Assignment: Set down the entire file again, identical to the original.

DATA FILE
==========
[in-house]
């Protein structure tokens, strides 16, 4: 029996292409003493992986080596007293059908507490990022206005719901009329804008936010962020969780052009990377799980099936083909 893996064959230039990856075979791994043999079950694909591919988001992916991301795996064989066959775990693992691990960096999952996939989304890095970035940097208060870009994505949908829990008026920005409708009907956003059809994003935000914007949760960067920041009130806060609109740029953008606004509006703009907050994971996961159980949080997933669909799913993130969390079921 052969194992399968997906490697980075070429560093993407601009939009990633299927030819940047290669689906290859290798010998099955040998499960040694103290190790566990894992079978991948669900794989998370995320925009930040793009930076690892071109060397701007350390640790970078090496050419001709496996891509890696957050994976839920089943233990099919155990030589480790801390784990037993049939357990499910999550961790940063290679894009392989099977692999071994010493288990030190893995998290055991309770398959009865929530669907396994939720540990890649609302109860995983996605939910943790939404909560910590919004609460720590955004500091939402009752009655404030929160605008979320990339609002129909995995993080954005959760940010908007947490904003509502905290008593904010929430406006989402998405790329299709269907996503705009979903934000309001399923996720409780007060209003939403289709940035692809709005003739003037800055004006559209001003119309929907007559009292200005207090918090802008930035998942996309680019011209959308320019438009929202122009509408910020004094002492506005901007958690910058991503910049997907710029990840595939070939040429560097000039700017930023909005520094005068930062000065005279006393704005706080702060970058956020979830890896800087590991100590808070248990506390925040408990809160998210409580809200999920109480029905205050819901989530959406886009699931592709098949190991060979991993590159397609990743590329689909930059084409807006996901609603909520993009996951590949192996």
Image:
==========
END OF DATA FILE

[in-house]
């Protein structure tokens, strides 16, 4: 029996292409003493992986080596007293059908507490990022206005719901009329804008936010962020969780052009990377799980099936083909 893996064959230039990856075979791994043999079950694909591919988001992916991301795996064989066959775990693992691990960096999952996939989304890095970035940097208060870009994505949908829990008026920005409708009907956003059809994003935000914007949760960067920041009130806060609109740029953008606004509006703009907050994971996961159980949080997933669909799913993130969390079921 052969194992399968997906490697980075070429560093993407601009939009990633299927030819940047290669689906290859290798010998099955040998499960040694103290190790566990894992079978991948669900794989998370995320925009930040793009930076690892071109060397701007350390640790970078090496050419001709496996891509890696957050994976839920089943233990099919155990030589480790801390784990037993049939357990499910999550961790940063290679894009392989099977692999071994010493288990030190893995998290055991309770398959009865929530669907396994939720540990890649609302109860995983996605939910943790939404909560910590919004609460720590955004500091939402009752009655404030929160605008979320990339609002129909995995993080954005959760940010908007947490904003509502905290008593904010929430406006989402998405790329299709269907996503705009979903934000309001399923996720409780007060209003939403289709940035692809709005003739003037800055004006559209001003119309929907007559009292200005207090918090802008930035998942996309680019011209959308320019438009929202122009509408910020004094002492506005901007958690910058991503910049997907710029990840595939070939040429560097000039700017930023909005520094005068930062000065005279006393704005706080702060970058956020979830890896800087590991100590808070248990506390925040408990809160998210409580809200999920109480029905205050819901989530959406886009699931592709098949190991060979991993590159397609990743590329689909930059084409807006996901609603909520993009996951590949192996």
Image: